Writing in the introduction, LTC Joseph C. Myers states the themes of the book:
"Critical themes of Malik’s work is that ‘just war’ or jihad in Islam is inherently spiritual warfare, religious warfare, and to the extent that Islamic forces have spiritually prepared themselves, they will ‘strike terror into the hearts’ of Islam’s enemies. This terror as Malik describes in detail, is both physical and metaphysical, because Islamic warfare is intrinsically part of a cosmic struggle for the reign of Allah’s will on the earth between the forces of God, dar al-Islam, and that of dar al-Harb, those who dwell in ignorance and darkness of the true knowledge of God."

Here Myers hits on the key to understanding ISIS’ barbarism in Iraq – terror serves two purposes. It removes a physical threat (killing an ISF soldier, for example) and at the same time the terror (beheading, execution, etc.) causes those who are not killed to question their faith. If you can only win a battle through faith then the ability to decrease or shake your opponents faith is of the utmost importance.
Of course neither Malik nor the Jihadis of today address how a godless American military can be so proficient in battle, but in our current discussion it’s also irrelevant. Our culture doesn’t reward religious purity. Their culture does.
There are many other minor points I could make, but I’ve covered the major ones. US advisors in Iraq had their hands tied in many ways and were unable to create as much change as we would have liked. This was yet another argument for a prolonged military presence in the country – cultural change takes a considerable amount of time, much more than the 5-6 years we were able to give it. There were glimmers of hope and soldiers who "got it." But these were generally junior soldiers who didn’t have enough "wasta" to affect any change within their unit.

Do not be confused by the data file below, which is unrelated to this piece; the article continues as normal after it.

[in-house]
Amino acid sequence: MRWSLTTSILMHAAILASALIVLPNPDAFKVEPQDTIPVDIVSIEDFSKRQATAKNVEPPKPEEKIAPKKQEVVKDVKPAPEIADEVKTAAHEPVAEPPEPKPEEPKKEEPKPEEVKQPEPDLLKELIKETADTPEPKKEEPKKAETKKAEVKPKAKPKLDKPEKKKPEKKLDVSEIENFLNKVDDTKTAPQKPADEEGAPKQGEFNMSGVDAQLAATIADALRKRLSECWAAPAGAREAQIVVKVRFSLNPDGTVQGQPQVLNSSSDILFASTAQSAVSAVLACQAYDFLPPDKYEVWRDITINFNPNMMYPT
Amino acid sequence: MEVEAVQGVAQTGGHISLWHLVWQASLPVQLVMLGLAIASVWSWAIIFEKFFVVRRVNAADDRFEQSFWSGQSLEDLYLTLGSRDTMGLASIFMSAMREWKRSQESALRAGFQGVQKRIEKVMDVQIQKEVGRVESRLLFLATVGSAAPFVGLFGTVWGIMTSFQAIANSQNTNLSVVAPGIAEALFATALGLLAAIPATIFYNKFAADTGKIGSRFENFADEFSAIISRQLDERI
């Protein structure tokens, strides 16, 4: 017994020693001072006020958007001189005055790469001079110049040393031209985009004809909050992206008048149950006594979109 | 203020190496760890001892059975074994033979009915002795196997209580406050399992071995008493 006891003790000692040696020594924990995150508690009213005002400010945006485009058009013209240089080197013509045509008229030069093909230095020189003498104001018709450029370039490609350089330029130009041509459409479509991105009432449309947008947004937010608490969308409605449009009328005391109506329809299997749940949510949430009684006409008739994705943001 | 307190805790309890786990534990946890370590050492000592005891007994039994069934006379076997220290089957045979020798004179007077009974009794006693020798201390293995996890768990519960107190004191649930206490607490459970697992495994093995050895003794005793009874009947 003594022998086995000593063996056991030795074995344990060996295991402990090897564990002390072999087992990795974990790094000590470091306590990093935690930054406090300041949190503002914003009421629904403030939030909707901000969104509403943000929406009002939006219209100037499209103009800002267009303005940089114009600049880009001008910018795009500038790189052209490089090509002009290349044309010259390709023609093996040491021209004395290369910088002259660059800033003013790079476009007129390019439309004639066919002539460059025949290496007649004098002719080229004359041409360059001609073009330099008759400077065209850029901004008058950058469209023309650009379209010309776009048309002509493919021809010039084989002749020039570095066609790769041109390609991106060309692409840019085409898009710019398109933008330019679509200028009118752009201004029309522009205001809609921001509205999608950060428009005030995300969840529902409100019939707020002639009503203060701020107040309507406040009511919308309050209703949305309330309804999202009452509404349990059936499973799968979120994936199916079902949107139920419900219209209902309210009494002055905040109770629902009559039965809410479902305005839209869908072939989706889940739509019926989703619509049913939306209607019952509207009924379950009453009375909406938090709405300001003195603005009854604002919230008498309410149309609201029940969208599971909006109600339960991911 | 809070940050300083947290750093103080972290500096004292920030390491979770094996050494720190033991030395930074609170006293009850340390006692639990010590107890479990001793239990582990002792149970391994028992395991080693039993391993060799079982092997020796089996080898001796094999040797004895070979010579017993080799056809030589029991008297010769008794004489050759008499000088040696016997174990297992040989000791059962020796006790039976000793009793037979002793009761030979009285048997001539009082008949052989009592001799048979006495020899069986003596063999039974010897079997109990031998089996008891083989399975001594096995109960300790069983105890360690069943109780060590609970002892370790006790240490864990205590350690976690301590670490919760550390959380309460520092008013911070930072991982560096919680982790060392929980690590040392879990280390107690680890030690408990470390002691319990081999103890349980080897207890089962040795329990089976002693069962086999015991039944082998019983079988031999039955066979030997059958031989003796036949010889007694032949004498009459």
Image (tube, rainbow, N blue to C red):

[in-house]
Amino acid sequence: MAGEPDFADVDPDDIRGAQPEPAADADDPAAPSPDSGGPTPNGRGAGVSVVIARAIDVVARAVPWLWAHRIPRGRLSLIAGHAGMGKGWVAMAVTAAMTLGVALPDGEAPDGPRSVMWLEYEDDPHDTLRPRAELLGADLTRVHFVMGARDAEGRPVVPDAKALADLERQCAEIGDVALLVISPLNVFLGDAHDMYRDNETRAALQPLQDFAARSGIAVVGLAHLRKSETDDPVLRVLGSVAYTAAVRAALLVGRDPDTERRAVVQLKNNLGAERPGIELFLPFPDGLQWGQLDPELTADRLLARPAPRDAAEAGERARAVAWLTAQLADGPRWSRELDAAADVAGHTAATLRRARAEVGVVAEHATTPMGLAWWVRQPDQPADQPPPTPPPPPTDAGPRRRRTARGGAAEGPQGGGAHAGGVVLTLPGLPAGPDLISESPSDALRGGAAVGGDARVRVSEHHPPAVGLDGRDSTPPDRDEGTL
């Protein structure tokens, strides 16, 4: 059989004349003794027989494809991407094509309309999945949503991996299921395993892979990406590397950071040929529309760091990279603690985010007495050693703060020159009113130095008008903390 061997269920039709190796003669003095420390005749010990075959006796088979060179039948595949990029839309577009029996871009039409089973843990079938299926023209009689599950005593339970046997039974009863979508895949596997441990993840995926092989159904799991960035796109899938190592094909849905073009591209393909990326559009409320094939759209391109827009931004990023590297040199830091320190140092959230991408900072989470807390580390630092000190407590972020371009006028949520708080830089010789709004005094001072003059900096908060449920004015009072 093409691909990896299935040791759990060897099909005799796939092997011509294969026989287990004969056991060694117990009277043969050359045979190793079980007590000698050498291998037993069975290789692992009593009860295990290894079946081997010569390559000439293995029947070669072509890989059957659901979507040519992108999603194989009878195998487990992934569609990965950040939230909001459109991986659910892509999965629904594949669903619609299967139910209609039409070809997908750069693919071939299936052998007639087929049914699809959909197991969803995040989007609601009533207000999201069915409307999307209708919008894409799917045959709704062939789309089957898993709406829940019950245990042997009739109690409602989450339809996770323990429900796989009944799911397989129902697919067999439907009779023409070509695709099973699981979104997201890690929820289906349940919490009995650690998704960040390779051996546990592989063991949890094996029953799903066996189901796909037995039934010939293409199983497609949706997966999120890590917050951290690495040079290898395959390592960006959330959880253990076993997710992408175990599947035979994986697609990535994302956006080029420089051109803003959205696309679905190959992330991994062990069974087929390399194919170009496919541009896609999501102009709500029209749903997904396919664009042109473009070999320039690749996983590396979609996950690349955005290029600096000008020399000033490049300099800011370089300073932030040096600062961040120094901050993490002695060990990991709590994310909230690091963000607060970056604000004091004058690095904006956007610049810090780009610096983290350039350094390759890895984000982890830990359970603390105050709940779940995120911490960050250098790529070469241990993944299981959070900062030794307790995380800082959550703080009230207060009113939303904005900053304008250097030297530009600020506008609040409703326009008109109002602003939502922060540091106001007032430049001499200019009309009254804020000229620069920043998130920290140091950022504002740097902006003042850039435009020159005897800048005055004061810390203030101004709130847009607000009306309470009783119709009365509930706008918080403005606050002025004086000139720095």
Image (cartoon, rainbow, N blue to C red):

Here’s another depressing thought – nearly all of the criticisms of the Iraqi military I lay out in this piece also apply to the Afghan military in one form or another, except that the Afhan military is in many ways less developed than the Iraqi military was when we left. If we abandon Afghanistan in the same way we abandoned Iraq, we would in all likelihood see a similar result in that country.
UPDATE: Dexter Filkins of The New Yorker echoes my thoughts about Maliki and sectarianism:
"Those were important reasons to stay, but the most important went largely unstated: it was to continue to act as a restraint on Maliki’s sectarian impulses, at least until the Iraqi political system was strong enough to contain him on its own. The negotiations between Obama and Maliki fell apart, in no small measure because of a lack of engagement by the White House. Today, many Iraqis, including some close to Maliki, say that a small force of American soldiers–working in non-combat roles–would have provided a crucial stabilizing factor that is now missing from Iraq. Sami al-Askari, a Maliki confidant, told me for my article this spring, “If you had a few hundred here, not even a few thousand, they would be cooperating with you, and they would become your partners.” President Obama wanted the Americans to come home, and Maliki didn’t particularly want them to stay."